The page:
# Publications

## Journal Article

### Daniel T. Graves, Phillip Colella, David Modiano, Jeffrey Johnson, Bjorn Sjogreen, Xinfeng Gao,"A Cartesian Grid Embedded Boundary Method for the Compressible Navier Stokes Equations",Communications in Applied Mathematics and Computational Science,December 23, 2013,

In this paper, we present an unsplit method for the time-dependent
compressible Navier-Stokes equations in two and three dimensions.
We use a a conservative, second-order Godunov algorithm.
We use a Cartesian grid, embedded boundary method to resolve complex
boundaries.  We solve for viscous and conductive terms with a
second-order semi-implicit algorithm.  We demonstrate second-order
accuracy in solutions of smooth problems in smooth geometries and
demonstrate robust behavior for strongly discontinuous initial
conditions in complex geometries.

### Katherine Yelick, Paul Hilfinger, Susan Graham, Dan Bonachea, Jimmy Su, Amir Kamil, Kaushik Datta, Phillip Colella, and Tong Wen,"Parallel Languages and Compilers: Perspective from the Titanium Experience",The International Journal Of High Performance Computing Applications,June 16, 2006,21,

We describe the rationale behind the design of key features of Titanium—an explicitly parallel dialect of JavaTM for high-performance scientific programming—and our experiences in building applications with the language. Specifically, we address Titanium’s Partitioned Global Address Space model, SPMD parallelism support, multi-dimensional arrays and array-index calculus, memory management, immutable classes (class-like types that are value types rather than reference types), operator overloading, and generic programming. We provide an overview of the Titanium compiler implementation, covering various parallel analyses and optimizations, Titanium runtime technology and the GASNet network communication layer. We summarize results and lessons learned from implementing the NAS parallel benchmarks, elliptic and hyperbolic solvers using Adaptive Mesh Refinement, and several applications of the Immersed Boundary method.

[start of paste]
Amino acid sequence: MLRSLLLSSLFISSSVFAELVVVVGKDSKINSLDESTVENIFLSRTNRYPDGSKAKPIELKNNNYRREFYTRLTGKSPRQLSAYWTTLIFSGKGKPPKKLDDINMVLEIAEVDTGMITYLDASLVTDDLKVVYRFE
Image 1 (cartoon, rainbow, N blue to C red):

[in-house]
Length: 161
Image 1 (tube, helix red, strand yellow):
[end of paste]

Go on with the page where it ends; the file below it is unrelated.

## Conference Paper

### Katherine Yelick, Dan Bonachea, Wei-Yu Chen, Phillip Colella, Kaushik Datta, Jason Duell, Susan L. Graham, Paul Hargrove, Paul Hilfinger, Parry Husbands, Costin Iancu, Amir Kamil, Rajesh Nishtala, Jimmy Su, Michael Welcome, Tong Wen,"Productivity and Performance Using Partitioned Global Address Space Languages",Parallel Symbolic Computation (PASCO'07),July 2007,

Partitioned Global Address Space (PGAS) languages combine the programming convenience of shared memory with the locality and performance control of message passing. One such language, Unified Parallel C (UPC) is an extension of ISO C defined by a consortium that boasts multiple proprietary and open source compilers. Another PGAS language, Titanium, is a dialect of Java T M designed for high performance scientific computation. In this paper we describe some of the highlights of two related projects, the Titanium project centered at U.C. Berkeley and the UPC project centered at Lawrence Berkeley National Laboratory. Both compilers use a source-to-source strategy that translates the parallel languages to C with calls to a communication layer called GASNet. The result is portable highperformance compilers that run on a large variety of shared and distributed memory multiprocessors. Both projects combine compiler, runtime, and application efforts to demonstrate some of the performance and productivity advantages to these languages.